Last Tuesday, the U.S. Supreme Court handed down its keenly anticipated decision in Tyson Foods, Inc. v. Bouaphakeo, another in its recent run of class action cases.
Aggregate and average securities class action lawsuit settlements increased significantly in 2015 compared to the year before, according to the latest annual report from Cornerstone Research. Among reasons for the increase in aggregate settlement amounts is the increase in the absolute number of settlements during the year.
We recently reported on developments in evaporated cane juice (ECJ) stays pending the FDA’s finalized guidance on the ingredient.
Not all class action allegations are created equal. Certain types of claims are more likely to be amenable to class treatment – generally those involving uniform policies that result in uniform injuries; other claims seem destined for individualized treatment – generally those involving a variety of unpredictable factors that determine liability as to each putative class member.
Over the past year the Nova Scotia, Alberta, and Manitoba Courts of Appeal have each found the same action within their respective jurisdictions, brought by the same law firm on behalf of the same plaintiff class is an abuse of process.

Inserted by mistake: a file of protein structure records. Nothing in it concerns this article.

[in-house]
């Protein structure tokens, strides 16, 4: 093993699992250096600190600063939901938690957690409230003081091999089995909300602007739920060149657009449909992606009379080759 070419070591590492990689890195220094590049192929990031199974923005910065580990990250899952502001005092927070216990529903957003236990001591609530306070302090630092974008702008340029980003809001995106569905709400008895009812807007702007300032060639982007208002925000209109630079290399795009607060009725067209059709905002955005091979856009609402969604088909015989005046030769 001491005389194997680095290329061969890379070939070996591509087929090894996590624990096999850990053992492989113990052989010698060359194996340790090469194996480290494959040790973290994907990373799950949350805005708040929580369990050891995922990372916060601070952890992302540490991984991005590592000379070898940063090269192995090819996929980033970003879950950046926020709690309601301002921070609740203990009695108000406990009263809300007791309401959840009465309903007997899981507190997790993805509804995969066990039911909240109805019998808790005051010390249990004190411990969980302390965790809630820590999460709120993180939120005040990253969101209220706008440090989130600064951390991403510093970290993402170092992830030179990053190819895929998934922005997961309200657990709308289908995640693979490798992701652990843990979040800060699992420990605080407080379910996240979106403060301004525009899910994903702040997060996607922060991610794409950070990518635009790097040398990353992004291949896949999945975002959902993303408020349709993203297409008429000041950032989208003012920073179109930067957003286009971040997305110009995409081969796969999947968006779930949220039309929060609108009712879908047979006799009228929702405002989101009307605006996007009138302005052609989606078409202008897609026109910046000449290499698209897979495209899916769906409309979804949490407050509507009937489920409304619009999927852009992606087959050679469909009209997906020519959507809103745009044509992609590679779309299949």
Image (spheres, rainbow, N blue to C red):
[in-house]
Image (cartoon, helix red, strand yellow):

Mortgage servicers are heavily regulated.
For years, litigants have battled over whether a defendant’s offer of judgment, which completely satisfies the plaintiff’s individual claim, can moot a class action.
The Cook IVC Court’s Utilization of Case Management Plans and Case Management Orders to Guide and Control the Multidistrict Litigation
On October 15, 2014, the United States Judicial Panel on Multidistrict Litigation (“JPML”) designated the Cook IVC Multidistrict Litigation (“MDL”) in the United States District Court for the Southern District of Indiana.
Five years ago, the U.S. Supreme Court seemed to reject the use of statistical proof in class actions, dismissing the evidence as “a novel project.”